Microsoft-owned SwiftKey has suspended its cloud-sync service and switched off email address predictions after multiple reports of the keyboard app delivering suggestions for strangers' email addresses and phone numbers.
The move followed reports a week ago that the app was offering up email addresses to people they've never met.
According The Telegraph, one user claimed to have been contacted by a stranger and told that their brand-new phone had suggested two of the user's email addresses, as well as contact phone numbers.
Reports of the bug also cite some users receiving predictions in languages they'd never used previously.
"I logged into SwiftKey with Google+ and now, I'm getting someone else's German predictions with only English (UK) pack installed. I have never typed German in my entire life," one Reddit user reported last week.
"I just went to the Gmail login ID field and I saw someone else's email as a suggestion," wrote another Reddit user, who reported that the app was erroneously offering Spanish suggestions.
SwiftKey has been one of the most popular third-party keyboards for Android for several years, but only arrived on iPhones after Apple relaxed rules in iOS 8.
For iOS, SwiftKey says words and phrases never leave a device unless the user has opted in to the SwiftKey Cloud service.
SwiftKey on Friday suggested the leaked contact details are due to a glitch in this sync service, which normally backs up what the app learns about a user to SwiftKey servers and then syncs that data to the user's other devices.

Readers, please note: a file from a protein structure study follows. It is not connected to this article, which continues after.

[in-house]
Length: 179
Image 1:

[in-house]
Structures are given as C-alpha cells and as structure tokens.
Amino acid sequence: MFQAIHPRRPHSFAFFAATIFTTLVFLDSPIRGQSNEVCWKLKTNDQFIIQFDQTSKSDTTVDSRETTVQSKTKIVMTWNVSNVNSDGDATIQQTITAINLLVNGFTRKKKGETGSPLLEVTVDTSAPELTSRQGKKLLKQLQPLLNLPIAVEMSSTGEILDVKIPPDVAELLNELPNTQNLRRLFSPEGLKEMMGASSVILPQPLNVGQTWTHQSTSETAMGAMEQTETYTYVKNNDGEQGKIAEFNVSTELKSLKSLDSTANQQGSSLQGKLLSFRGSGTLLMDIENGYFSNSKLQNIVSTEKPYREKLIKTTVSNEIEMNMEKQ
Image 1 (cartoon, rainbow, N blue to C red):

While apparently mixing up those details with wrong accounts could be a potential privacy nightmare, SwiftKey said the issue was not widespread and that it didn't pose a security risk to customers.
"This week, a few of our customers noticed unexpected predictions where unfamiliar terms, and in some rare cases emails, appeared when using their mobile phone. We are working quickly to resolve this inconvenience," the developer said.
"While this did not pose a security issue for our customers, we have turned off the cloud sync service and have updated our applications to remove email address predictions. During this time, it will not be possible to back up your SwiftKey language model."
Microsoft acquired SwiftKey for a reported £250m earlier this year, in part to further its development of natural language processing and artificial intelligence. SwiftKey technology also helped Microsoft deliver its Word Flow keyboard app for iOS.
For Microsoft, it's the second recent app acquisition that has triggered concerns over security and privacy. The EU parliament and several universities last year began blocking Microsoft's Acompli-based Outlook app due to concerns over the way it stores login credentials.